By Pamela Yip
Choosing a tax preparer is something you should do with care. After all, this person will prepare a document containing the most personal details of your financial life. What’s more, you will personally need to certify to the government that the document is accurate to the best of your knowledge.
You want a person who knows what he or she is doing.
Most preparers are professional and honest, but, like in any industry, there are bad apples. Time and time again, I get news releases that detail how the feds nailed a tax preparer for falsely claiming tax breaks and refunds for a client.
Here are tips on how to pick a tax preparer and protect yourself:
• Check the preparer’s experience: You want somebody who’s experienced, trained and is up to date on tax law changes and who can suggest tax-saving ideas for the current or future years.
“Taxpayers may want to ask if preparers are affiliated with a professional organization and attend continuing education classes,” the IRS said. “If your preparer is an enrolled agent, a certified public accountant or an attorney, they have passed a high-level test to earn their title. These are the only three types of tax professionals who can represent you before all offices of the IRS.”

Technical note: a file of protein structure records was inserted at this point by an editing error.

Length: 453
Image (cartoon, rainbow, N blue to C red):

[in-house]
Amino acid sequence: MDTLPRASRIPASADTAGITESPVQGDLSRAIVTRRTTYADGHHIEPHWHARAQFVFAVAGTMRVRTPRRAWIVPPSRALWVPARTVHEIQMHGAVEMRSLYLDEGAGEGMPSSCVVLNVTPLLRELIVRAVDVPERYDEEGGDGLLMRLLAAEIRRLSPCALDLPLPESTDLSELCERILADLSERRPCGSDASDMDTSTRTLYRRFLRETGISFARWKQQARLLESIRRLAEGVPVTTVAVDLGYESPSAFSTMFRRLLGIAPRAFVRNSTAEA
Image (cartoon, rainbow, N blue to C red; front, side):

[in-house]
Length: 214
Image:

• Does the preparer stand behind his or her work? Do they guarantee the accuracy of the tax return, and if you’re audited, will that person be around to assist you?
• Check the preparer’s history: Check if the preparer has a questionable history with the Better Business Bureau. Also, check for any disciplinary actions and licensure status through the state board of accountancy for certified public accountants; the state bar association for attorneys; and the IRS Office of Enrollment for enrolled agents.
• Ask early about the preparer’s service fees: Avoid preparers who base their fee on a percentage of your refund or those who claim they can obtain larger refunds than other preparers
• Protect your refund: Make sure any refund due is sent directly to you or deposited into an account in your name and not a preparer’s bank account.
• Provide all documents needed to prepare your return: Reputable preparers will request to see your records and receipts and will ask you questions to determine your total income and your qualifications for expenses, deductions and other items.
• Never sign a blank return, and avoid tax preparers who ask you to do so.
• Review the entire return before signing it: Before you sign your tax return, review it and ask questions. Make sure you understand everything and are comfortable with the accuracy of the return before you sign it.
Pamela Yip is a personal finance columnist for the Dallas Morning News.